Remember, consumer truths are not the ‘what’ people are doing, but the ‘why’. A common pitfall here is that people will concentrate on platforms. I suspect this is partly do to impatience and partly to do with our current obsession about getting to grips with them. The great news is a truly great content strategy has not need to concern itself with platforms until the very end. Because great ideas, are not determined by mechanics or platforms.
3) Your Cultural Truths
This is the final element, in which you need to list important issues, events, ideas and ideologies that are particular in the place in which your brand and audience find themselves. This may be topical news – like a referendum. It may be the season. It may be an economic, religious, political or social reality. Do not worry about any of this fits in with your brand until you have this list pulled together.
Finally, pull the three elements together and figure out which points ‘speak to one another’. This is your sweet spot for contextual content, that you and only you can own.
Below is an example for Dove. Of course this is just a quick and very rough list I’ve come up with myself but what’s important to note here is how sometimes brand ‘negatives’ actually are central to creating a positively awesome content marketing strategy…
Quick Example: Dove
Dove’s Brand Truths:
- Dove is not a ‘high glamour’ brand – its packaging is simple and ‘honest’ looking.
- However, when consumer use Dove products they report feeling like they have ‘taken care of / treated’ themselves. They feel good in Dove.
- Dove does not use any technologies or ingredients that would majorly distinguish it in an overcrowded market.
Dove’s Consumer Truths:
- Only 4%* of women consider themselves beautiful
- Ultimately, women choose their beauty products by navigating what those products promise – specifically, how they will make them feel about themselves.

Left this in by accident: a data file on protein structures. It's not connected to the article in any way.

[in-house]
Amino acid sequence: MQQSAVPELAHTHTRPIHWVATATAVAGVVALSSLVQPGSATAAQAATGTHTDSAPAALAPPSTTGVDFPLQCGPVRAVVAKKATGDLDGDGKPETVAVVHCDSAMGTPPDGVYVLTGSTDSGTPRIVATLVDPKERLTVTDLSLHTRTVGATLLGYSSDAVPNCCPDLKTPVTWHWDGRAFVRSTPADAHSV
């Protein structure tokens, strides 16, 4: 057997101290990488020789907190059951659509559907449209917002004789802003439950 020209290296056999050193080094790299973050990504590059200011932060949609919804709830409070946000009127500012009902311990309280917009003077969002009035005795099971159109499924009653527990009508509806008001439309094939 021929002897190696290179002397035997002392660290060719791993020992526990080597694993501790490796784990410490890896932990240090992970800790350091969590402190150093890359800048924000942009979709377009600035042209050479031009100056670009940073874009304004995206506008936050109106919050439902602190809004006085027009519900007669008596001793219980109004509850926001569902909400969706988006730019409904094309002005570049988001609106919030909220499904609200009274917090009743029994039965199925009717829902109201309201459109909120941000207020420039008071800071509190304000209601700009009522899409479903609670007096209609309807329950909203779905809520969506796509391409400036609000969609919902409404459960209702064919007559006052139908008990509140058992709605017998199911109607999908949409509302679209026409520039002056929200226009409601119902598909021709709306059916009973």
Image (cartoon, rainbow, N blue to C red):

Dove’s Cultural Truths:
- Women are bombarded with images of ‘perfect beauty’ by media every day.
Our will be the champion for changing public and industry perceptions of what beauty and in doing so, make the other 96% of our target audience feel better about themselves and our product.
Dove will campaign for Real Beauty.
Example content result:
What’s important to note about this is that the essence of your brand positioning, marketing and content strategy are no different. This is about having be a unified proposition that every aspect of your business can get behind.
It should not be tied to a platform, a format, a time, a partnership or a singular campaign output. Remember what we said earlier – that real ideas are something removed of mechanics?! The real issue behind content strategies is that they often scare marketers because they shake and test every aspect of your brand positioning for soundness. I mean – sure you can waffle about your brand key for a few minutes in a presentation, but does it actually give you a spring board to come up with new content material every single day? A tone and personality to respond to your consumers? A brand perspective for trends, topics and events? So yes, a content strategy that can throw up a lot of hidden challenges and even internal politics for a business but is ultimately be an extremely rewarding process. And I don’t mean in a fluffy ‘we all grew up a little bit that Summer‘ way… I mean in a changing the bottom line way.
Further details on this now ten year strong campaign below – which, incidentally, doubled Dove’s product sales in the first year. If that’s not a compelling reason why you need to consider your content contextually, I don’t know what is!
*There is a contradiction as to whether it is 2 or 4% by even Dove sources but the sentiment is what it is!